Under Idaho law, the intent required for the commission of a battery is the intent to cause an unpermitted contact, not that the contact be harmful or offensive.
Appellant wife was hurt when the appellee professor touched her from behind without warning. The plaintiff wife and husband sued appellee, university and professor for damages for personal injury the wife claimed to have suffered as a result thereof. The parties stipulated that while the professor intended to touch the wife, he did not intend to harm or offend her. The university sought partial summary judgment, claiming in both the trial and appeals courts that the contact constituted battery and that the university was immune from liability under the Idaho Tort Claims Act, specifically Idaho Code § 6-904(3). The Court of Appeals of the State of Idaho affirmed a judgment that the professor's act constituted battery, an intentional tort for which the university was immune under the Idaho Tort Claims Act. On appeal, the court affirmed.
Is a state university immune in a personal injury action against it and a professor based on contact between the professor and a plaintiff that she alleged was a battery; and does unpermitted contact amount to a battery even if the contact did not rise to the level of harmful or offensive?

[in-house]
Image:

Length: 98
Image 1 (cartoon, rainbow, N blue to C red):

The court affirmed the rulings of the lower courts affording immunity to the university under the Idaho Tort Claims Act and dismissing the claims of the wife and husband for damages resulting from physical contact between the wife and the professor. The Court of Appeals concluded that Professor Neher did in fact commit a battery, reasoning that under Idaho law the intent required for the commission of a battery is simply the intent to cause an unpermitted contact not an intent that the contact be harmful or offensive. The Supreme Court agrees with the Court of Appeals and affirm the decision of the district court.